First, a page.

The UN Security Council has unanimously adopted a resolution proposed by Russia on the creation of a special body to try hijackers captured during anti-piracy operations off the Somali coast.
According to the resolution, the UN Security Council has called on UN Secretary General Ban Ki-moon to provide "concrete" measures for the prosecution of pirates, including a special chamber at the national court of one of the countries in the region.
Russia's ambassador to the UN, Vitaly Churkin, expressed hope that the UN Secretary-General's report would contain "concrete proposals and recommendations" on the prosecution of pirates, particularly the creation of a "special juridical anti-piracy body".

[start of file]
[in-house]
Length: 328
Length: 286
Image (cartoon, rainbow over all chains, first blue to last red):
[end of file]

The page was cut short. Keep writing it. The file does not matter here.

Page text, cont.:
The diplomat said that the absence of an established legal system in the fight against sea piracy hinders the "elimination of the whole piracy problem".
He also said that sometimes "people suspected of piracy are released just because it is impossible to bring them to justice quickly".
Somali pirates carried out a record number of attacks and hijackings in 2009. According to the International Maritime Bureau Piracy Reporting Center, a total of 217 vessels were attacked last year, resulting in 47 hijackings.
In 2008, pirates staged 111 attacks off the Somali coast, seizing 42 ships.
About 20 countries, including leading NATO member states, India, China and several Arab states, have sent warships to the Gulf of Aden.
Russian warships joined the fight against Somali pirates in the fall of 2008, when the Neustrashimy frigate was sent to the Somali coast from the Baltic Sea. Since then, the Russian Navy has maintained a near-permanent presence off the Horn of Africa, with warships operating on a rotation basis.
NEW YORK, April 27 (RIA Novosti)